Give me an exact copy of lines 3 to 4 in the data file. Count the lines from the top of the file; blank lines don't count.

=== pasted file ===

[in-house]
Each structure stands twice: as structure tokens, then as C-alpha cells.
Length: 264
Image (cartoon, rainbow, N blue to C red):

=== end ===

Length: 264
Image (cartoon, rainbow, N blue to C red):